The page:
Metal thieves attack wired world

With copper trading at more than $3 a pound, thefts of phone wire have become a daily occurrence in B.C.

Dave Cunningham of Telus and Bill Storie



VICTORIA – With copper trading at more than $3 a pound, thefts of phone wire have become a daily occurrence in B.C., and the B.C. government is tightening rules for scrap metal sales in an effort to stop it.

Police say it’s not just power and phone lines being targeted now. Aluminum ladders, billboards, grave markers, street signs and even manhole covers are being stolen. Construction sites are targeted for plumbing and wiring.

A bill before the B.C. legislature will require metal sellers to register for a “customer code” that must be recorded along with the description of any metal sold. The approach is similar to that taken with B.C. pawn shops, where operators must have transaction records to show police.

Public Safety Minister Shirley Bond said the phone and electric grids are vulnerable, as well as 911 service, and she wants the federal government to consider new penalties for theft from critical infrastructure.

“Good security and surveillance equipment doesn’t always stop the thieves from coming back again and again, especially when your metals are necessarily in remote locations, or distributed along hundreds of kilometres of roads,” Bond said. “Even though many scrupulous recyclers consistently turn away shady characters, somebody keeps buying, and that has to stop.”

Telus executive Dave Cunningham said 2011 has been a particularly bad year, with 325 wire thefts so far. The Fraser Valley is a “hotbed” for organized theft, leaving piles of insulation casings and in some cases downed wires across highways.

Saanich Police Deputy Chief Const. Bob Downie said thieves recently took all the drainage grates from a five-kilometer stretch of Highway 17 between Victoria and the ferry terminal, leaving a dangerous situation for cyclists and drivers.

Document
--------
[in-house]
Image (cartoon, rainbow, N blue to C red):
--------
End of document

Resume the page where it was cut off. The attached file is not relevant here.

Bill Storie, bylaw manager for the Township of Langley, said the Union of B.C. Municipalities supported his local bylaw to stem the trade in stolen metal, and the provincial action will help.

Just Posted

Firefighters train for ice rescue

Local emergency personnel get hands-on experience at Idlewild Lake.

WATCH: The top stories in Cranbrook this week

Take a look back at the top stories in Cranbrook between Nov. 11-17.

Forecasters promote avalanche safety awareness

Avalanche Canada advising backcountry enthusiasts to get proper training and equipment.

Oil dumped illegally at Tie Lake Transfer Station

The Regional District of East Kootenay is searching for any information in… Continue reading

Blues guitar wizard returning to Cranbrook

Colin James plays the Key City Theatre in March, 2018

Cranbrook boy, 6, creates blankets for kids

Elias Quick feels everyone deserves a fuzzy blankets, especially at Cranbrook Transition House and Alberta Children’s Hospital

Barra MacNeils’ Celtic Christmas touches down in Cranbrook Nov. 28

The Barra MacNeil’s national Christmas tour makes its way from coast to… Continue reading

Christmas Village 2017 in support of United Way EK

For the second year in a row, the Cranbrook Townsman, Kimberley Bulletin and Black Press are hosting a magical Christmas village in support of the community.

B.C. reporter reflects on covering Charles Manson

Charles Manson, leader of a murderous cult, died on Sunday at 83

ICBC overbilling for crash repairs not the problem, dealers say

Collision repair shops reject union claim of inflated costs

B.C. groups to address child sex abuse in sports

viaSport is organizing a full day of education in association with Canadian Centre for Child Protection and the Coaching Association of Canada.

Report sets exercise guidelines for young kids, including ‘tummy time’ for babies

Kids aged one to four should get at least three hours of physical activity throughout the day

Most Read